Natural Cosmeceutical Ingredients for Hyperpigmentation
January 2016 | Volume 15 | Issue 1 | Original Article | 26 | Copyright © January 2016
Noelani Gonzalez MD and Maritza Perez MD
Mount Sinai Hospital, New York, NY
As Dermatologists caring for patients with hyperpigmentation problems, we are always looking for more alternative therapies. Hydroquinone (HQ) is still the standard of care. However, traditional depigmenting agents such as HQ and corticosteroids, although highly effective, can raise safety concerns including exogenous ochronosis, atrophy, carcinogenesis and local and systemic untoward effects with long term use. Therefore, we need to investigate non-prescription natural alternatives. This manuscript presents many of the natural ingredients found in cosmeceuticals for the treatment of hyperpigmentation and their mechanisms of action. It will also describe the melanocyte activation pathways and how each of these ingredients interferes with it. J Drugs Dermatol
The melanocyte activation pathway, melanogenesis, is a complicated one. However if we divide it in four components
it is easier to dissect.
The melanocyte can be activated on the cell surface by various stimulants. These include hormones (MSH, ACTH), systemic or local inflammation (acne), and external environmental insults (ultraviolet light leading to the production of free radicals and prostaglandins). All these stimulants induce the up regulation of the tyrosinase gene, inducing tyrosinase gene transcription. Tyrosine then goes thru its activation process including glycosylation.
Activated tyrosine then is capable of turning tyrosine into DOPA, which is subsequently turned into DOPA Quinone, and then into Melanin. Finally melanin is package into melanosomes
and transferred to keratinocytes.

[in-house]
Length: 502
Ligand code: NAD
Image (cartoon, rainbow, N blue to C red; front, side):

To effectively reduce the melanogenesis process, the pathway has to be blocked at multiple levels simultaneously. For simplification purposes, the blocking of melanogenesis has been divided into four different compartments: 1. Reduction of melanocyte activation, 2. Inhibition of melanin synthesis, 3. Reduction of melanin transfer, 4. Exfoliation of keratinocytes containing melanosomes (Figure 1).
Reduce Melanocyte Activation
- 4-Ethoxybenzaldehyde- anti-inflammatory and prostaglandin E2 suppressor
- Tetrahexyldecyl Ascorbate- stable, lipid soluble vitamin C
- Tetrapeptide-30 reduces keratinocyte-induced activation of melanocytes
- Broad Spectrum Sun Blocks with Zinc oxide, titanium dioxide and iron oxide- impedes melanocyte stimulation blocking UVB, UVA, visible light
- Undecylenoyl phenylalanine- sepiwhite-inhibits melanotropin
Inhibit Melanin Synthesis
- Retinol-inhibits tyrosinase activity, reduction in the size of cellular organelles related to the synthesizing activity of the melanocyte (Golgi apparatus and endoplasmic reticulum)
- Linoleic Acid-suppresses melanogenesis and tyrosinase activity
- Glabridin (Licorice Extract) has been shown to prevent UVB-induced pigmentation and to inhibit tyrosinase activity, superoxide anion production and cyclo-oxygenase activity
- Mulberry (Licorise extract from Morus alba) inhibits tyrosinase activity, superoxide anion production and cyclo-oxygenase activity
- Hexylresorcinol- inhibits tyrosinase activity
- Tetrahexyldecyl Ascorbate- reduces oxidized dopaquinone, interrupting DHICA oxidation and interacting with copper ions at the active site of tyrosinase
- Kojic Acid naturally occurring hydrophilic fungal metabolite that inactivates tyrosinase by chelating copper atoms as well as suppressing the tautomerization of dopachrome
- Arbutin-derivative of hydroquinone found in cranberries, blueberries, wheat and pears competitively and reversely binding tyrosinase
- Tochopherols – lipophilic antioxidant that increase in intracellular glutathione and the inhibition of tyrosinase
- N-Acetyl Glucosamine- inhibits tyrosinase glycosilation
- Aloesin is a natural hydroxymethyl chromone compound derived from aloe vera plants that competitively inhibits the function of tyrosinase by inhibiting the hydroxylation of tyrosine to DOPA and oxidation of DOPA to dopaquinone